Undoubtedly the biggest change was the switch from the solid "live" axle of the previous-edition Corvette to an ingenious independent rear suspension that stepped the car up several notches in technology. In tandem with the shorter wheelbase, the new independent suspension made the Corvette much more maneuverable and helped immensely in getting the Corvette's substantial power to the road. And there was power aplenty. The 327 cubic inch V-8 was offered in four versions. In base trim the Corvette delivered 250 horsepower, but step-ups could net 300, 340 or even 360 horsepower -- the latter with fuel injection. No matter the engine, however, the Corvette Sting Ray of the era had few equals on road or track, and no equals in price. It was truly America's sports car.

Top American Car No. 2: Duesenberg SJ

Duesenbergs won the Indianapolis 500 in 1924, 1925 and 1927. But sweet as that last Indy 500 victory was, the year 1927 was not a good one for the brother team that owned the company. With financial difficulties hanging over their heads, the Duesenbergs found a savior in Erret Lobban Cord, and what Cord had in mind was translating Duesenberg's news-making racing exploits into an ultra-luxury line of vehicles for the street. His grandiose but ultimately accurate claim for Duesenberg was "The World's Finest Motor Car."

Cord's first order of business was designing a new Duesenberg model with styling as impressive as its engineering. Since most buyers of cars in the Duesenberg class had their cars fitted with custom bodies, only a few portions of the vehicle were ripe for standardization, but the Cord design team did a masterful job. The grille and radiator shell of the new Duesenberg had the classic grace of a Greek temple, while the oversize headlights gave the front end a wide-eyed look. The hood was impressive both in its length and simple form, and under the hood was a sophisticated twin-overhead-cam engine that produced 265 horsepower.

If there was any doubt that the Model J was an ultra-luxury machine, that doubt was removed by its price tag. A body-less chassis often sold for more than $8,000, and custom coachwork then added $4,000 to $7,000 to that figure. Of course, to those who were living large in the Depression-ridden 1930s (like movie idol Clark Gable), that price was another mark of distinction. And for those who were even more power-hungry, a supercharged SJ model was also available. With the right bodywork, an SJ was said to have a top-speed potential of more than 130 mph.

Top American Car No. 1: Ford Model T

The Ford Model T achieved legendary stature after its passing, but during its life span, it got little respect -- despite the fact that it literally changed the world. While the Model T would eventually be viewed as old-fashioned as high-button shoes, it was innovative when it crashed headlong into the American market in October 1908. Among its special features were its planetary transmission, the use of a detachable cylinder head and the left-side mounting of its steering wheel. The two forward speeds and the reverse transmission was operated by foot pedals, enabling, as Ford claimed in its literature, "the driver to stop, start, change speeds or reverse the car, without removing the hands from the steering wheel."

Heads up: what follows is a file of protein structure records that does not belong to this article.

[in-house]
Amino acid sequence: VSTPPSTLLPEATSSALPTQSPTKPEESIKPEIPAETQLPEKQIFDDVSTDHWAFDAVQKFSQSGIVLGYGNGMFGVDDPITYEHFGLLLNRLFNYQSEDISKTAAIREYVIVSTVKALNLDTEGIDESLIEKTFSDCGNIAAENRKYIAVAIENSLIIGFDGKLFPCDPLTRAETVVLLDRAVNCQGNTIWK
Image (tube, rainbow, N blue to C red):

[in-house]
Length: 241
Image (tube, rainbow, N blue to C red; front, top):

The four-cylinder engine was ruggedly simple. Its block and crankcase were cast as a piece, and the detachable head made service easy. Reliable as red brick, the 177-cubic-inch Model T engine produced 22 horsepower at 1600 rpm and delivered a fuel economy better than 20 miles per gallon. The chassis of the Model T was just as rugged. While many cars of the day still used wooden parts in their chassis, the Model T's frame and running gear were fashioned from vanadium and heat-treated steel. With a 100-inch wheelbase, the typical Model T weighed about 1,200 pounds and offered more than 10 inches of ground clearance. It was perfect to do combat with America's vast network of unimproved, unpaved roads.

The Model T wasn't just an immediate hit in the marketplace: It transformed the marketplace. To keep up with demand, Ford had to invent new production techniques, culminating in 1914 with the invention of the moving assembly line. By 1919, Ford Motor Co. had produced its three-millionth Model T, and the momentum was continuing to build. After weathering a recession in 1920, Ford's yearly production topped one million a year in 1922, 1923, 1924 and 1925. In 1927, after an incredible production run of more than 15,485,000 Model T's, Ford's factories ceased building the car -- a car that, more than any other, defined what the world's auto industry would become.

Luigi Fraschini Driving Today Contributing Editor Luigi Fraschini writes frequently about the auto industry and classic cars.